- The Philippine city of Marawi has been liberated from ISIS militants following a 4-month-long siege
- Over 1,000 people died with many more civilians displaced in the fighting in recent months
- It is thought that ISIS militants Isnilon Hapilon and Omar Maute offered cash bribes to flee the city before they were killed
- U.S. President Donald Trump is set to visit the Philippines next month
Philippine President Rodrigo Duterte has announced the liberation of Marawi City, following a four-month-long battle against ISIS-linked terrorists.
The bloody battle cost the lives of more than 1,000 people with many more civilians displaced in the fighting.
"Ladies and gentlemen, I hereby declare Marawi City liberated from the terrorist influence that marks the beginning of the rehabilitation of the city," Duterte said in an announcement earlier today.
The news comes after two terrorist leaders Isnilon Hapilon and Omar Maute were killed in an assault by Filipino troops.
The two men offered millions of pesos in a desperate bid to flee the besieged area after the government refused to open negotiations with the group.
Meanwhile, Hapilon and Maute were so desperate to flee the city that they even commanded hostages to provide them with boats.
Military intelligence suggests that two boats were prepared but the two men were unable to reach them due to intense fighting.
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The pair were killed when army troops closed in on the town shortly after midnight on Monday.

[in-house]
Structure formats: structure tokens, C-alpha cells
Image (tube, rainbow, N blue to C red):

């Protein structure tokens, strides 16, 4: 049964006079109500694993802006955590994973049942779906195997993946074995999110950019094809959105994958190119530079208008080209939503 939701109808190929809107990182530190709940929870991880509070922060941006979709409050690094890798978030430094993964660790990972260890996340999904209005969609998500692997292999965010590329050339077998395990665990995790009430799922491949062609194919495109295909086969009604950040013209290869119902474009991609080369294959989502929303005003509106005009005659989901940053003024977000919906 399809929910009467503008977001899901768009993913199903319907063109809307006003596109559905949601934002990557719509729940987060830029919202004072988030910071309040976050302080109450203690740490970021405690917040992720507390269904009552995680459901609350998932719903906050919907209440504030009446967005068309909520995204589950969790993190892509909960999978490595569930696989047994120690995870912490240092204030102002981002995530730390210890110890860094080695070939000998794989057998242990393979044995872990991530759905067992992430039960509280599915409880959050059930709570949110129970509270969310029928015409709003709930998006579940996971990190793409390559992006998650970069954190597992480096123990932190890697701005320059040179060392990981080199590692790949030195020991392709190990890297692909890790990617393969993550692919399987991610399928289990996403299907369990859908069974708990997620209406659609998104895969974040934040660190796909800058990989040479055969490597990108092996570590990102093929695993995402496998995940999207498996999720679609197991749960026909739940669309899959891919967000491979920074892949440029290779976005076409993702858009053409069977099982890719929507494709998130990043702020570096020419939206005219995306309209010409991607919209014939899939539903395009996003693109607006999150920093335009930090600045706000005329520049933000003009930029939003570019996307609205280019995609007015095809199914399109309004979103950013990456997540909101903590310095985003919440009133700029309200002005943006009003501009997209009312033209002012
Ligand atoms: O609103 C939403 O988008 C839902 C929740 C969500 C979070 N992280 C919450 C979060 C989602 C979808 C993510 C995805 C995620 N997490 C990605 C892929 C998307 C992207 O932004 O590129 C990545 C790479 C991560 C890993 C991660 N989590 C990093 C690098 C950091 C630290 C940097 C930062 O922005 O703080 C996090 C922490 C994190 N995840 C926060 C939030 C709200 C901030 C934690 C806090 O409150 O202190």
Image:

"We received such information that they were offering millions for anyone who can lead and can provide them with banca (boat) and guide them out of [the] main battle area," Armed Forces chief General Eduardo Año said.
Military officials believe that over a billion Philippin pesos ($19,495,080) in loot stolen by ISIS militants remains buried around the battle area.
"As days passed, they (terrorists) each took [their] own [share of the loot] and hid the money so that when they can escape, they can come back for it," Año said.
"I believe the money is still inside the main battle area," he added.
The siege, which lasted almost five months destroyed much of the city’s once popular center and left more than 400,000 people from Marawi and elsewhere living in temporary shelters.
The government rejected talks with militants throughout the crisis and even took the controversial step of capturing the parents of the group’s leaders.
The end of the siege comes as U.S. President Donald Trump prepares to meet with Philippine leader Rodrigo Duterte during a trip to Asia in November.
“The President’s travel will underscore his commitment to long-standing United States alliances and partnerships, and reaffirm United States leadership in promoting a free and open Indo-Pacific region,” White House press secretary Sarah Huckabee Sanders said in a statement on Monday.
The Filipino leader has received widespread criticism for human rights abuses and a brutal crackdown on dissent. The President claims that he is targeting drug dealers and criminals but rights groups believe that the crackdown is more widespread.
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